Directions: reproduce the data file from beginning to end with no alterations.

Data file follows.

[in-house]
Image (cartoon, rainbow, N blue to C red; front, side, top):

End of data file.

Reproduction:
[in-house]
Image (cartoon, rainbow, N blue to C red; front, side, top):